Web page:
Despite the importance of the U.S.-Pakistan relationship, the Obama Administration currently does not have a high-level coordinator specifically assigned to manage Pakistan issues. Complicating this situation is that many long-time (if ad hoc) Pakistan interlocutors—such as Adm. Michael Mullen and Lt. Gen. Douglas Lute—are retiring, while others, like Gen. David Petraeus, have assumed larger political portfolios. This confluence of events has further degraded America’s personal connections with top Pakistani officials.

The White House made strides in appointing the late Richard Holbrooke as a Special Representative to Afghanistan and Pakistan (SRAP), but by assigning responsibility for two countries to one person, the U.S. relationship with Pakistan became subsumed by the conflict in Afghanistan. The security challenges faced by both countries are interrelated, but blurring the distinction between the two nations does not serve broader U.S. national security goals. Even if American troops departed from Afghanistan tomorrow, the U.S. would still interact with Pakistan.

Not surprisingly, Marc Grossman, Ambassador Holbrooke’s replacement as SRAP, is currently consumed with trying to manage the American involvement in Afghanistan.11 Ending a war in one country is a task that requires full-time attention; adding the responsibility of managing a separate, difficult bilateral relationship is probably too much work for any one individual. And, of course, Senator John Kerry, who chairs the Foreign Relations Committee and who has forged close links with Pakistan’s leaders in recent years, has other difficult problems to confront and cannot be the full-time interlocutor for the U.S.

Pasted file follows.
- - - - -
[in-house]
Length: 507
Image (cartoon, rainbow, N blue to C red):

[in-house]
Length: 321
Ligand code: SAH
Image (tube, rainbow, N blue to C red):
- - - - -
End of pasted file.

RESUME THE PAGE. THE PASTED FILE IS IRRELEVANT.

Therefore, we recommend the SRAP empower a senior-level coordinator—perhaps the SRAP’s chief deputy—to exclusively handle Pakistan policy. This person should be at a senior level within the State Department and should have the requisite experience, credibility, and access to truly coordinate and help direct the Pakistan relationship.